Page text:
Later on in Anderson’s career, the audiovisual technique will be evolved and eventually perfected. But another thing that constantly evolves in his films are the themes that connect them all.
As I always like to do in these Retrospectives, it’s time to see how Boogie Nights contributes to the themes that Paul Thomas Anderson uses in almost every film. Last time, in the Hard Eight discussion, I mentioned that all but one of his films have something to do with father-figures, and the rocky relationship that they have with their sons. This is most definitely at play here in Boogie Nights, with the character Jack Horner stepping into the father role. While he treats sex with a detached eye and a business mindset, it’s still worth noting that his porn empire feels almost like a family.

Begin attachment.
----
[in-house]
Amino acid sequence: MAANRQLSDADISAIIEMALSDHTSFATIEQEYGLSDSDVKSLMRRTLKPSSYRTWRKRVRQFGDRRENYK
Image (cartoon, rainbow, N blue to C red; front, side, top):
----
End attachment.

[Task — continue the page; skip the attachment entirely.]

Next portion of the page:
In fact, you can argue that all of Anderson’s films have more to do with dysfunctional families than dysfunctional father-figures. Especially in the case of Boogie Nights this is true. In fact, one of the oddest relationships in the film is the one between Dirk and Amber Waves, who works with him in porn-scenes but at the same time views him as a son, while he sees her as a mother-figure. Despite that, I always felt that Anderson put the most emphasis on the father in his films (Most memorably in There Will Be Blood).
However, there’s more to this than just Jack Horner acting like a father to Eddie and the rest of the Horner Productions crew. Right? Well, maybe not. That is, unless, there is a second theme that you can find in all of Anderson’s work that coincides directly with this one. Oh, wait…there is. And that theme, my friends, is the all too relatable theme of alienation/loneliness.